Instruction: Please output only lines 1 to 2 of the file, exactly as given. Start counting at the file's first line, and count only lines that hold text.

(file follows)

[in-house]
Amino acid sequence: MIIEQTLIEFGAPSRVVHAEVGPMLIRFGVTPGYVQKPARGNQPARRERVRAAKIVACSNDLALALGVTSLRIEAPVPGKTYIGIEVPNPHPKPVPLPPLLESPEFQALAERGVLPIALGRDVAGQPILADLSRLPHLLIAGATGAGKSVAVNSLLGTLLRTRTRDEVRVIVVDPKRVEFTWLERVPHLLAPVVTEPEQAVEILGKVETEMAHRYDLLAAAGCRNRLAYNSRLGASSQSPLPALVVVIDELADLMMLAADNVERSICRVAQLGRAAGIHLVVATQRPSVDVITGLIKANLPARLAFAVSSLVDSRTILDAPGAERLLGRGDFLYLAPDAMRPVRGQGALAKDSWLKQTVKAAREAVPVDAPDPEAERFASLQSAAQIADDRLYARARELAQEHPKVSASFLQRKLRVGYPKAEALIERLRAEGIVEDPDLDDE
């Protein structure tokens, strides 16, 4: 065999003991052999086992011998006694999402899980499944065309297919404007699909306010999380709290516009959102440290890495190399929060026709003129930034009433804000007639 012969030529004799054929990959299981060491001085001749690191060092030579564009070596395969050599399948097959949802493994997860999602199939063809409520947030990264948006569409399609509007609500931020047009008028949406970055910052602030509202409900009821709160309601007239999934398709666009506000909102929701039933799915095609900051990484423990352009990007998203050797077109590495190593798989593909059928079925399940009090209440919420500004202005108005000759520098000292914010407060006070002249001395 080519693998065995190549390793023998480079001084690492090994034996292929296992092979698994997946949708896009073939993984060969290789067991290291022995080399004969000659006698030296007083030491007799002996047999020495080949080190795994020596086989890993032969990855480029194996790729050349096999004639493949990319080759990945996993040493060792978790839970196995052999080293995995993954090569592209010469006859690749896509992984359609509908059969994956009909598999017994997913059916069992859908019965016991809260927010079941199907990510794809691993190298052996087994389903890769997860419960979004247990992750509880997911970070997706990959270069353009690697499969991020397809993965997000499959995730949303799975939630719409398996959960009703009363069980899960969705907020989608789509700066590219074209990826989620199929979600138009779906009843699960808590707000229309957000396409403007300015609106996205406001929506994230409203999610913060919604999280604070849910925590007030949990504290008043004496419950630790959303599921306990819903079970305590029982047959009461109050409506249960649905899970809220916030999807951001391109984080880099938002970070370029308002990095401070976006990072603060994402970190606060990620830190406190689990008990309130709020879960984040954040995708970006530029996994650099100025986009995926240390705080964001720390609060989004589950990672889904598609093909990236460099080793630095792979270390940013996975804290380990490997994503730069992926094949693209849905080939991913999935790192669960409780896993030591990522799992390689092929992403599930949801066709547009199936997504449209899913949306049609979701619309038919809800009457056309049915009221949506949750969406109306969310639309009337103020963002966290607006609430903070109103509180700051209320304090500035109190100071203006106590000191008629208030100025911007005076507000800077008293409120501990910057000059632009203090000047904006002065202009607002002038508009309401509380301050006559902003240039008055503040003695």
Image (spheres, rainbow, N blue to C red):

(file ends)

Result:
[in-house]
Amino acid sequence: MIIEQTLIEFGAPSRVVHAEVGPMLIRFGVTPGYVQKPARGNQPARRERVRAAKIVACSNDLALALGVTSLRIEAPVPGKTYIGIEVPNPHPKPVPLPPLLESPEFQALAERGVLPIALGRDVAGQPILADLSRLPHLLIAGATGAGKSVAVNSLLGTLLRTRTRDEVRVIVVDPKRVEFTWLERVPHLLAPVVTEPEQAVEILGKVETEMAHRYDLLAAAGCRNRLAYNSRLGASSQSPLPALVVVIDELADLMMLAADNVERSICRVAQLGRAAGIHLVVATQRPSVDVITGLIKANLPARLAFAVSSLVDSRTILDAPGAERLLGRGDFLYLAPDAMRPVRGQGALAKDSWLKQTVKAAREAVPVDAPDPEAERFASLQSAAQIADDRLYARARELAQEHPKVSASFLQRKLRVGYPKAEALIERLRAEGIVEDPDLDDE